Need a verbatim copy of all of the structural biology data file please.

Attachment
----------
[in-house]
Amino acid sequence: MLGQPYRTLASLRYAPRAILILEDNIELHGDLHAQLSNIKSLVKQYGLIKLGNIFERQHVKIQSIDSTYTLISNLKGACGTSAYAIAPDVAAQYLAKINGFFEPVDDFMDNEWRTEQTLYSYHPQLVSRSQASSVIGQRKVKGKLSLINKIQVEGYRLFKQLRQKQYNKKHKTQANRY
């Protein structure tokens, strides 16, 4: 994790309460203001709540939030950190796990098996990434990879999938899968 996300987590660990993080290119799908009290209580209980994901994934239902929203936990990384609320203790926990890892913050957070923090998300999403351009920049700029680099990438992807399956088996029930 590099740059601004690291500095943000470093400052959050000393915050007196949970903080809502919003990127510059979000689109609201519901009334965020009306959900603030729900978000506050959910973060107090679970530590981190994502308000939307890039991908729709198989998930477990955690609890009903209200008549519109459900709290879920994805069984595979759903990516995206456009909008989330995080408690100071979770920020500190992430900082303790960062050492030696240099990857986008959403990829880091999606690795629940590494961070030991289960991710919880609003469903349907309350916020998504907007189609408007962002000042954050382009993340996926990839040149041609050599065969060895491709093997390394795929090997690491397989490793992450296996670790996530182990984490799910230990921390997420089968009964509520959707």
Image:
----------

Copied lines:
[in-house]
Amino acid sequence: MLGQPYRTLASLRYAPRAILILEDNIELHGDLHAQLSNIKSLVKQYGLIKLGNIFERQHVKIQSIDSTYTLISNLKGACGTSAYAIAPDVAAQYLAKINGFFEPVDDFMDNEWRTEQTLYSYHPQLVSRSQASSVIGQRKVKGKLSLINKIQVEGYRLFKQLRQKQYNKKHKTQANRY
């Protein structure tokens, strides 16, 4: 994790309460203001709540939030950190796990098996990434990879999938899968 996300987590660990993080290119799908009290209580209980994901994934239902929203936990990384609320203790926990890892913050957070923090998300999403351009920049700029680099990438992807399956088996029930 590099740059601004690291500095943000470093400052959050000393915050007196949970903080809502919003990127510059979000689109609201519901009334965020009306959900603030729900978000506050959910973060107090679970530590981190994502308000939307890039991908729709198989998930477990955690609890009903209200008549519109459900709290879920994805069984595979759903990516995206456009909008989330995080408690100071979770920020500190992430900082303790960062050492030696240099990857986008959403990829880091999606690795629940590494961070030991289960991710919880609003469903349907309350916020998504907007189609408007962002000042954050382009993340996926990839040149041609050599065969060895491709093997390394795929090997690491397989490793992450296996670790996530182990984490799910230990921390997420089968009964509520959707």
Image: